SPATIAL VARIATIONS OF WATER LOSS DURING DROUGH A CASE STUDY1

Authors

  • Tiao J. Chang,

    1. Respectively, Professor, Civil Engineering Department, Ohio University, 147 Stocker Center, Athens, Ohio 45701; Environmental Specialist, Ohio Environmental Protection Agency, 122 South Front Street, Columbus, Ohio 43216; and Land Design Engineer, Land Design, Inc., 233 North Graham St., Charlotte, North Carolina 28202 (E-Mail/Chang: chang@ohiou-edu).
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  • Timothy A. Bartrand,

    1. Respectively, Professor, Civil Engineering Department, Ohio University, 147 Stocker Center, Athens, Ohio 45701; Environmental Specialist, Ohio Environmental Protection Agency, 122 South Front Street, Columbus, Ohio 43216; and Land Design Engineer, Land Design, Inc., 233 North Graham St., Charlotte, North Carolina 28202 (E-Mail/Chang: chang@ohiou-edu).
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  • Richard Germain

    1. Respectively, Professor, Civil Engineering Department, Ohio University, 147 Stocker Center, Athens, Ohio 45701; Environmental Specialist, Ohio Environmental Protection Agency, 122 South Front Street, Columbus, Ohio 43216; and Land Design Engineer, Land Design, Inc., 233 North Graham St., Charlotte, North Carolina 28202 (E-Mail/Chang: chang@ohiou-edu).
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  • 1

    Paper No. 99149 of the Journal of the American Water Resources Association.Discussions are open until October 1, 2001.

Abstract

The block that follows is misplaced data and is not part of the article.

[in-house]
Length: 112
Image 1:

ABSTRACT: A regional water conservation system for drought management involves many uncertain factors. Water received from precipitation may stay on the ground surface, evaporate back into the atmosphere, or infiltrate into the ground. Reliable estimates of the amount of evapotranspiration and infiltration are not available for a large basin, especially during periods of drought. By applying a geographic information system, this study develops procedures to investigate spatial variations of unavailable water for given levels of drought severity. Levels of drought severity are defined by truncated values of monthly precipitation and daily streamflow to reflect levels of water availability. The greater the truncation level, the lower the precipitation or streamflow. Truncation levels of monthly precipitation are recorded in depth of water while those of daily streamflow are converted into monthly equivalent water depths. Truncation levels of precipitation and streamflow treated as regionalized variables are spatially interpolated by the unbiased minimum variance estimation. The interpolated results are vector values of precipitation and streamflow at a grid of points covering the studied basin. They are then converted into raster-based values and expressed graphically. The image subtraction operation is used to subtract the image of streamflow from that of precipitation at their corresponding level of drought severity. It is done on a cell-by-cell basis resulting in new attribute values to form the spatial image representing a spatial distribution of potential water loss at a given level of drought severity.

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